In this tutorial, we will show you how to install MongoDB on AlmaLinux 9. For those of you who didn’t know, MongoDB is a high-performance, highly scalable document-oriented NoSQL database. Unlike in SQL databases where data is stored in rows and columns inside tables, in MongoDB, data is structured in JSON-like format inside records which are referred to as documents. The open-source attribute of MongoDB as a database software makes it an ideal candidate for almost any database-related project. This article assumes you have at least basic knowledge of Linux, know how to use the shell, and most importantly, you host your site on your own VPS. The installation is quite simple and assumes you are running in the root account, if not you may need to add ‘sudo‘ to the commands to get root privileges. I will show you the step-by-step installation of the MongoDB NoSQL database on AlmaLinux 9. You can follow the same instructions for CentOS and Rocky Linux.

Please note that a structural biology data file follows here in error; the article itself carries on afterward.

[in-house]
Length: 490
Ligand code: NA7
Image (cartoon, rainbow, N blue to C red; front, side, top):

• An introduction (and how-to) to Plugin Loader for the Steam Deck. - Invidious
  • Self-host a Ghost Blog With Traefik

    Ghost is a very popular open-source content management system. Started as an alternative to WordPress and it went on to become an alternative to Substack by focusing on membership and newsletter. The creators of Ghost offer managed Pro hosting but it may not fit everyone's budget. Alternatively, you can self-host it on your own cloud servers. On Linux handbook, we already have a guide on deploying Ghost with Docker in a reverse proxy setup. Instead of Ngnix reverse proxy, you can also use another software called Traefik with Docker. It is a popular open-source cloud-native application proxy, API Gateway, Edge-router, and more. I use Traefik to secure my websites using an SSL certificate obtained from Let's Encrypt. Once deployed, Traefik can automatically manage your certificates and their renewals. In this tutorial, I'll share the necessary steps for deploying a Ghost blog with Docker and Traefik.